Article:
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'Substantial risk of serious injury to our firefighters' in saving dog says South River Fire Chief

'When there is a human life at risk and within our capability to save, our firefighters will always step forward and take necessary actions to ensure every effort is made to preserve that life'
20220209 South River Machar Fire Chief Risto Maki Josh Watson Photo
South River/Machar Fire Chief Risto Maki

South River Machar Fire Chief Risto Maki says it was too risky for rescuers to save a dog that had fallen through the ice on a river containing fast-moving currents.

Maki was responding to a South River couple's complaint that they had called for help on January 2 after their dog chased a bird onto the thin ice of the South River in Joly Township, and then couldn't climb back to safety.

See: South River firemen stood by as pet dog drowned says owner

"We don't do swift water rescue," Maki told BayToday. "Where they live is on the river with currents and stuff of that nature. So we don't provide that level of service. We just can't go beyond our level of service because that's when people get hurt or killed.

"So if I look at my roster, I can't sacrifice any one of them for an animal, whether it be a pet or wildlife."

Maki confirms his department does ice water rescue, "but we do not do swift water." Nor does North Bay, confirmed Chief Jason Whiteley.

"When we're going in there, our rescue technique is we tether to the victim and we pull them back out. We can't guarantee the safety of firefighters. You're going to tether them to a dog that's in distress, whether it's gonna start biting? Or damage the suit and put the firefighter at risk of injury or death when they're out there in the water?

Maki says every case is different and for each, they do a risk analysis.

"The best way to describe it is we analyze the risk versus the benefit. So for human life, we take significant risks to protect human life, but for animal life, we don't take the same level of risk."

Maki says near that point in the river is a causeway that produces a current.

"Both myself and the other firefighter were acting in a very professional manner, and we're very calm and reassuring and did what we could to protect the rest of the lives and to encourage them from putting themselves in harm's way and getting hurt or killed. Obviously, we're not going to enable them to put themselves further in harm's way by pushing them out in a boat and hoping for the best. So if we're saying it's not safe for us to do so, then obviously we wouldn't encourage somebody without any training or equipment to do it as well."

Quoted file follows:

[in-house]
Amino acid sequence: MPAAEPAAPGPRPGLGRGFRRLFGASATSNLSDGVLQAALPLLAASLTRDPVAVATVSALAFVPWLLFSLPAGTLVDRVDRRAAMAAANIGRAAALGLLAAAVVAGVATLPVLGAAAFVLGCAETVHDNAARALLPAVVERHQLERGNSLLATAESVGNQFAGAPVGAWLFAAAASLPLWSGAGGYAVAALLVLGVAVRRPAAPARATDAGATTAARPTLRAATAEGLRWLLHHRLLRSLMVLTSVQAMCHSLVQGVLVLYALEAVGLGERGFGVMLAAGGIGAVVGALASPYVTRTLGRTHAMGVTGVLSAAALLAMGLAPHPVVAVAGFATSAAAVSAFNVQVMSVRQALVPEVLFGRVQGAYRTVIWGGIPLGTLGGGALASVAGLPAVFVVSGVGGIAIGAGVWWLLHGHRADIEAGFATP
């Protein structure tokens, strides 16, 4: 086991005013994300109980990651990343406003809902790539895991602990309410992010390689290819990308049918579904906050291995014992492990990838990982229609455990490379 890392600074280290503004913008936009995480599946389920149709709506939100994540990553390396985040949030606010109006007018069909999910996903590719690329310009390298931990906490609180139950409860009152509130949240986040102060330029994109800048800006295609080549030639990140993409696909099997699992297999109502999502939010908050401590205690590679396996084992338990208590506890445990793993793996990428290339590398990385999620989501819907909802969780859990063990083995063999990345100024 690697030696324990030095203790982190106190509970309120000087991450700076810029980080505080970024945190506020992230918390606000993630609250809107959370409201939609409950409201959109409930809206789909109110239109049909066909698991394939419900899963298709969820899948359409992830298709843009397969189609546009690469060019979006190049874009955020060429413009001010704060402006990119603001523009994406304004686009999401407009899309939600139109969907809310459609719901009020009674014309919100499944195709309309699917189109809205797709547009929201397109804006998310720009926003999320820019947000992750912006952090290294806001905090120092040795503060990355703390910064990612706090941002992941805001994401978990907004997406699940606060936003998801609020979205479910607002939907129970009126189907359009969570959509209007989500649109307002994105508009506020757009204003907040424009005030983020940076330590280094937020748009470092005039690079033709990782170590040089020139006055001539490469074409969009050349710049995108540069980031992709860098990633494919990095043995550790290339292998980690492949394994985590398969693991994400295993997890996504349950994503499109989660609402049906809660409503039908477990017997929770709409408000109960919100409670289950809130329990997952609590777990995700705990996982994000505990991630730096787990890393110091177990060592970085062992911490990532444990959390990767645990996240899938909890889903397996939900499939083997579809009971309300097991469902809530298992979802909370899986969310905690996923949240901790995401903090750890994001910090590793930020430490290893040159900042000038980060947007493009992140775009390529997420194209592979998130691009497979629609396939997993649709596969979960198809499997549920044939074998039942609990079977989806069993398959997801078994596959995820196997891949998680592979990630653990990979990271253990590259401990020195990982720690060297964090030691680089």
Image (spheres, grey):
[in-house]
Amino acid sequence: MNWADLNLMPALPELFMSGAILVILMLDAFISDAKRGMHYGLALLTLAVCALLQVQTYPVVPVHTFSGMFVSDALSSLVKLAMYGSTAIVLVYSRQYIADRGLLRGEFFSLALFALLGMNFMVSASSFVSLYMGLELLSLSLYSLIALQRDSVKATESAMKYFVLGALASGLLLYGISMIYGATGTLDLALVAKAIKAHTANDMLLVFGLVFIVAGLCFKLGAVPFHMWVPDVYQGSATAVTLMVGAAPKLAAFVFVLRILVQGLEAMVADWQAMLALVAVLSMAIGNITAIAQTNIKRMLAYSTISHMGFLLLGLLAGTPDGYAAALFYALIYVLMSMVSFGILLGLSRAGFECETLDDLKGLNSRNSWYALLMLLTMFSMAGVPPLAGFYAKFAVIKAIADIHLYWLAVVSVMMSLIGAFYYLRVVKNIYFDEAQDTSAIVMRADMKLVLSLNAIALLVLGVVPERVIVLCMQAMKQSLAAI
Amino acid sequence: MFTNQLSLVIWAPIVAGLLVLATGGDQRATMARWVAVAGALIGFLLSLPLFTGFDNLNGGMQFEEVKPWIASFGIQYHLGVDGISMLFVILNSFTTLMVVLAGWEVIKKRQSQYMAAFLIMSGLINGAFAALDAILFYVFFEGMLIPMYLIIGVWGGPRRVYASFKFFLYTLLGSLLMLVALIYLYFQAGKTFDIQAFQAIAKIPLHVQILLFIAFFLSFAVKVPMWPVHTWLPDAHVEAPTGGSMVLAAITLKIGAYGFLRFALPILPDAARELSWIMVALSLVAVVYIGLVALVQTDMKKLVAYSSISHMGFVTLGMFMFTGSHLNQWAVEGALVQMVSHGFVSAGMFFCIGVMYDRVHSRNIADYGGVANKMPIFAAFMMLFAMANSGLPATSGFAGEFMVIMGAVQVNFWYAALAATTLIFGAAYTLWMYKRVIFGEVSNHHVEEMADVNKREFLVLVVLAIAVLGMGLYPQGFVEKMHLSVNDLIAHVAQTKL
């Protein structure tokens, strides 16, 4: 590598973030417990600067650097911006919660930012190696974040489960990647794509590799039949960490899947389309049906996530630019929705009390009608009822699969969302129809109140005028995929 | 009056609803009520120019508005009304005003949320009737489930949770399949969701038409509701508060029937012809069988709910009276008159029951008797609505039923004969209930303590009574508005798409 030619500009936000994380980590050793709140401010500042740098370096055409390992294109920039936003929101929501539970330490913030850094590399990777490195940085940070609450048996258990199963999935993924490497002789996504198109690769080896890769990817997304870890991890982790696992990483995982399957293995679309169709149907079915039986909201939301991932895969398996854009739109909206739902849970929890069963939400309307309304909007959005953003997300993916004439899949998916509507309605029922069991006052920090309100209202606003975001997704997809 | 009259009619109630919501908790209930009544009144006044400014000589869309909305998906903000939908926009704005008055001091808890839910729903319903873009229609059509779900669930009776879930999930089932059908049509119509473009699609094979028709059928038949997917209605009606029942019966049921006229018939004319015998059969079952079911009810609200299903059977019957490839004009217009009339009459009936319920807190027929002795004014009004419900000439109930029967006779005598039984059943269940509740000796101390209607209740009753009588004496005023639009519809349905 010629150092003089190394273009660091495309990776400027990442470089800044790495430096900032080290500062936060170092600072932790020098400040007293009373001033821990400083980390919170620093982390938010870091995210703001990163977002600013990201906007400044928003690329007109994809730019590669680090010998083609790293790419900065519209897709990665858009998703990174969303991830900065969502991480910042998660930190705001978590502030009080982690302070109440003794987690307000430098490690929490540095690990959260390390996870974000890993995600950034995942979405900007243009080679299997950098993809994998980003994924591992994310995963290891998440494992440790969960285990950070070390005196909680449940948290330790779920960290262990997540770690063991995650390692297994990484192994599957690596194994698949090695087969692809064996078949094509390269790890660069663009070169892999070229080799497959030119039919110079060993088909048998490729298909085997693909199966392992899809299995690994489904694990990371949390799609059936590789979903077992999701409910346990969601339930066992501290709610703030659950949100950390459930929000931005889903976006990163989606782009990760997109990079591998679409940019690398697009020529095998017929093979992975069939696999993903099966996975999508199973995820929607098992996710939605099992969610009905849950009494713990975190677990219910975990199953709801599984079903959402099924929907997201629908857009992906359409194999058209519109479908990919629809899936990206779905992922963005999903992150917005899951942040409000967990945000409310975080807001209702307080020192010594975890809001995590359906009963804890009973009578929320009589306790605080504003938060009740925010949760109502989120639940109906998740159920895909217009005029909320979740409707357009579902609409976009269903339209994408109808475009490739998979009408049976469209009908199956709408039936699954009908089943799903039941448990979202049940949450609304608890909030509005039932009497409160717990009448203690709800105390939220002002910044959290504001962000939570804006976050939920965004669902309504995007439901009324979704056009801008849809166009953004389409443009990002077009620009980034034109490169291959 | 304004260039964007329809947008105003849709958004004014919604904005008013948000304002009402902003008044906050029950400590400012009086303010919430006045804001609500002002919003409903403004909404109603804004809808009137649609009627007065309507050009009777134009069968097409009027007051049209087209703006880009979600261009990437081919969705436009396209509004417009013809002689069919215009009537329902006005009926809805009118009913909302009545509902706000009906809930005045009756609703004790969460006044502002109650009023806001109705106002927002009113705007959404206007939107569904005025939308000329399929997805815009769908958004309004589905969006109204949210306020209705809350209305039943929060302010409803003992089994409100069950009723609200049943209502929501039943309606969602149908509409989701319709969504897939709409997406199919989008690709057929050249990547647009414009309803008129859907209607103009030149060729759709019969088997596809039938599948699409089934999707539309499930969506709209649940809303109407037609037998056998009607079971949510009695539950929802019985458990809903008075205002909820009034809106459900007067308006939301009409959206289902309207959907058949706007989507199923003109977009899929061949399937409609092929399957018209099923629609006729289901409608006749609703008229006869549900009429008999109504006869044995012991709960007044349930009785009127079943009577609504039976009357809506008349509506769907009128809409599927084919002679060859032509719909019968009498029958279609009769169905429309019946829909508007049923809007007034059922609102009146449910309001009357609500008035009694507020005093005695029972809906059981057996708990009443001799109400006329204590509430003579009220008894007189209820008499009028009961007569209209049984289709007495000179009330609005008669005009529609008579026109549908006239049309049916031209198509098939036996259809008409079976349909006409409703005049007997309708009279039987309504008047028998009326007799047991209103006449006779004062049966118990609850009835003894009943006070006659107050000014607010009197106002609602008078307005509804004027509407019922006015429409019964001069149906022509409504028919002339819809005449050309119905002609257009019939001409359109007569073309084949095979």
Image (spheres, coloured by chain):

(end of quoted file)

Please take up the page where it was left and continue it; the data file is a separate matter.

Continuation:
Maki says the original caller was informed of that. "Regrettably, our fire department does not conduct animal rescues due to the substantial risk of serious injury to our firefighters. Nevertheless, two staff members attended the scene to assess and ensure the safety of the owners or any bystanders."

Upon arrival, the firefights met with the pet owner and reiterated that, due to safety concerns, they would be unable to perform the rescue.

"We want to assure you that all communications our staff had with the owners were conducted in a professional and compassionate manner. We acknowledge the difficulty of this decision for pet owners and empathize with the emotional challenge it poses for all members of the fire department. Unfortunately, the inherent risks associated with such incidents prevent us from allowing owners or bystanders to jeopardize their lives."

Areas with significant current present substantial dangers for ice water rescue operations and there have been instances of firefighter fatalities during swift water rescue training in Ontario in recent years.

Jeff Turl

About the Author: Jeff Turl

Jeff is a veteran of the news biz. He's spent a lengthy career in TV, radio, print and online, covering both news and sports. He enjoys free time riding motorcycles and spoiling grandchildren.
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